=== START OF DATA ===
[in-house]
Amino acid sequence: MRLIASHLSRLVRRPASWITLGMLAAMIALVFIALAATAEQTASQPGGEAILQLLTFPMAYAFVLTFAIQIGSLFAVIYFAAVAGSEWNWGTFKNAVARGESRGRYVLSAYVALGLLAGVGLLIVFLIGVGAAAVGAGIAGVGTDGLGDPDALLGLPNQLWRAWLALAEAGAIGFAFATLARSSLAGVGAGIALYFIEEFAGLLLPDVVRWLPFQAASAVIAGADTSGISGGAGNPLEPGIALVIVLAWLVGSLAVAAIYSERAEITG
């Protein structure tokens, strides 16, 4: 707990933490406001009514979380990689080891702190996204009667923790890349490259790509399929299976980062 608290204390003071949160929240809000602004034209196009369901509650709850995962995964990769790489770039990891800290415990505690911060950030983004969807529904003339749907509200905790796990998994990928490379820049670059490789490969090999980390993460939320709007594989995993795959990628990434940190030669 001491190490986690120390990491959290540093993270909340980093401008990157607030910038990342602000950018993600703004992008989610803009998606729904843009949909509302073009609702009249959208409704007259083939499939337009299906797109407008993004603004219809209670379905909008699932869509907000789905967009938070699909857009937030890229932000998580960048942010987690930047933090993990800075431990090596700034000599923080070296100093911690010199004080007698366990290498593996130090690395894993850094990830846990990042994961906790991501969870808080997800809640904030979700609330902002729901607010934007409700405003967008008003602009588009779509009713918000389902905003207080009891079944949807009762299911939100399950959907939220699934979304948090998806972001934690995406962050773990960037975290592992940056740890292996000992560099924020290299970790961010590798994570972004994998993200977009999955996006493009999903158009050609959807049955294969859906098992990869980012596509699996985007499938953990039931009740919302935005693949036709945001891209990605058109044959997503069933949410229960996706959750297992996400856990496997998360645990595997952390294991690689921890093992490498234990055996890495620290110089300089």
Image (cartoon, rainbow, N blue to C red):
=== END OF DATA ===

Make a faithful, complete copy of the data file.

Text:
[in-house]
Amino acid sequence: MRLIASHLSRLVRRPASWITLGMLAAMIALVFIALAATAEQTASQPGGEAILQLLTFPMAYAFVLTFAIQIGSLFAVIYFAAVAGSEWNWGTFKNAVARGESRGRYVLSAYVALGLLAGVGLLIVFLIGVGAAAVGAGIAGVGTDGLGDPDALLGLPNQLWRAWLALAEAGAIGFAFATLARSSLAGVGAGIALYFIEEFAGLLLPDVVRWLPFQAASAVIAGADTSGISGGAGNPLEPGIALVIVLAWLVGSLAVAAIYSERAEITG
């Protein structure tokens, strides 16, 4: 707990933490406001009514979380990689080891702190996204009667923790890349490259790509399929299976980062 608290204390003071949160929240809000602004034209196009369901509650709850995962995964990769790489770039990891800290415990505690911060950030983004969807529904003339749907509200905790796990998994990928490379820049670059490789490969090999980390993460939320709007594989995993795959990628990434940190030669 001491190490986690120390990491959290540093993270909340980093401008990157607030910038990342602000950018993600703004992008989610803009998606729904843009949909509302073009609702009249959208409704007259083939499939337009299906797109407008993004603004219809209670379905909008699932869509907000789905967009938070699909857009937030890229932000998580960048942010987690930047933090993990800075431990090596700034000599923080070296100093911690010199004080007698366990290498593996130090690395894993850094990830846990990042994961906790991501969870808080997800809640904030979700609330902002729901607010934007409700405003967008008003602009588009779509009713918000389902905003207080009891079944949807009762299911939100399950959907939220699934979304948090998806972001934690995406962050773990960037975290592992940056740890292996000992560099924020290299970790961010590798994570972004994998993200977009999955996006493009999903158009050609959807049955294969859906098992990869980012596509699996985007499938953990039931009740919302935005693949036709945001891209990605058109044959997503069933949410229960996706959750297992996400856990496997998360645990595997952390294991690689921890093992490498234990055996890495620290110089300089």
Image (cartoon, rainbow, N blue to C red):